Non­fic­tion

Search­ing for Home: The Impact of WWII on a Hid­den Child

September 1, 2019

The war ends and Jos­je is returned to his par­ents. Who are these peo­ple who call them­selves my par­ents?” he imag­ines. He is three years old and feels aban­doned, con­fused and angry. He wants to return to his real” par­ents who loved and shel­tered him dur­ing the war. My name is Piet­je Dijk­stra not Jos­je Gosler,” he states tear­ful­ly when goad­ed by his cousin. As a Jew and a hid­den child in the Nether­lands, his inno­cence pro­tect­ed him as much as his Chris­t­ian fam­i­ly. The impact of his first sep­a­ra­tion from his par­ents may not be so eas­i­ly ascer­tained, but when he is returned to them, his porce­lain psy­che is dam­aged and his clos­est com­pan­ions are fear and dis­trust. His life is seen through the lens of an immi­grant, as he migrates with his fam­i­ly to Israel and sub­se­quent­ly to the Unit­ed States. This is a sto­ry of a young boy who becomes a man, ever wan­der­ing and strug­gling to find him­self. His par­ents, emo­tion­al­ly gut­ted from their own wartime expe­ri­ences, are bare­ly able to care for them­selves, let alone this young stranger.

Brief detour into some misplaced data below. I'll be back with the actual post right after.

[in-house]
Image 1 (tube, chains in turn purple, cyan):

Discussion Questions

Cour­tesy of Joe Gosler

  1. Since you were an infant/​toddler dur­ing the War, weren’t you pro­tect­ed by your own inno­cence? What do you remem­ber? In any case, how does your expe­ri­ence con­trast or com­pare to those who were old­er and do remember? 

  2. Your book focus­es on the impact of war on your devel­op­ment. In what ways do you believe the scars of war influ­ence how you make deci­sions, and in fact see the world? 

  3. You men­tion in your book that you dis­trust­ed syn­a­gogues and large orga­ni­za­tions in gen­er­al. Can you tell us why that is?

  4. Has the war influ­enced your reli­gious beliefs? In what way? 

  5. Since the kib­butz was a pos­i­tive expe­ri­ence in your ear­ly child­hood devel­op­ment, why have you nev­er returned-not even to visit?

  6. You state that your expe­ri­ence is seen through the eyes of an immi­grant? What do you mean by that, and how has your expe­ri­ence influ­enced your think­ing about immi­gra­tion today? 
  7. Do you ever feel safe?